Fed. R. Civ. P. 26(b)(4)(D) provides as follows:

Expert Employed Only for Trial Preparation. Ordinarily, a party may not, by interrogatories or deposition, discover facts known or opinions held by an expert who has been retained or specially employed by another party in anticipation of litigation or to prepare for trial and who is not expected to be called as a witness at trial. But a party may do so only:
(i) as provided in Rule 35(b);[1] or
(ii) on showing exceptional circumstances under which it is impracticable for the party to obtain facts or opinions on the same subject by other means.

"The protection afforded non-testifying experts is distinct from the work-product doctrine and the attorney-client privilege." In re PolyMedica Corp. , 235 F.R.D. at 30. The Rule "protects both facts known and opinions held by a non-testifying expert, " but it does not prevent a party from seeking "to obtain the same specific facts from other sources." Id. at 33. Thus, Rule 26(b)(4)(D) "creates a safe harbor whereby facts and opinions of non-testifying, consulting experts are shielded from discovery, except upon a showing of exceptional circumstances." U.S. Inspection Servs., Inc. v. NL Engineered Solutions, LLC , 268 F.R.D. 614, 617 (N.D. Cal. 2010) (internal punctuation and quotations omitted).

In the instant case, the Szuliks have established that BDO was hired by counsel, Holland & Knight LLP, as a non-testifying expert, and that BDO has never been designated as a testifying witness. (Maroney Decl. (Docket No. 113) at ΒΆ 9 & Ex. 2). Discovery of the facts known to the non-testifying expert through the production of the documents in BDO's possession would simply be "an end-run around the restrictions on discovery of a party's consulting expert." In re Grassi, M.D., MBD No. 13-91269-PBS, 2013 WL 6623189, at *2 (D. Mass. Dec. 13, 2013). State Street has not put forth any showing of exceptional circumstances that would preclude it from getting the information from other sources. Therefore, State Street's motion to compel the production by the Szuliks of the documents gathered by BDO is denied.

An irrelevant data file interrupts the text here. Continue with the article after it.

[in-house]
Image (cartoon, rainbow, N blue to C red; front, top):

The Chronology

In connection with the litigation the Szuliks brought in New York, Matthew Szulik compiled a chronology to prepare for his deposition. State Street is seeking an order compelling the production of the document, which the Szuliks have refused to produce on the grounds that it is protected by the work product doctrine. This court agrees that the document constitutes work product, and the motion to compel is denied.[2]

The work product doctrine, which was first articulated by the Supreme Court in Hickman v. Taylor, 329 U.S. 495, 67 S.Ct. 385, 91 L.Ed. 451 (1947), and has been codified in Fed.R.Civ.P. 2[6](b)(3), "protects against disclosure of materials that a party, her attorney, or her representative prepares in anticipation of litigation[.]" In re Grand Jury Subpoena, 220 F.R.D. 130, 141 (D. Mass. 2004). Thus, the work product doctrine precludes discovery of work that "is reflected... in interviews, statements, memoranda, correspondence, briefs, mental impressions, personal beliefs, and countless other tangible and intangible ways" as long as it was prepared in anticipation of litigation. See Hickman, 329 U.S. at 511, 67 S.Ct. at 393. By extending such protection, the doctrine "preserves a zone of privacy' in which a party, his attorney, and in many cases his non-attorney representative' can prepare for litigation, free from unnecessary intrusion by his adversaries.'" In re Grand ...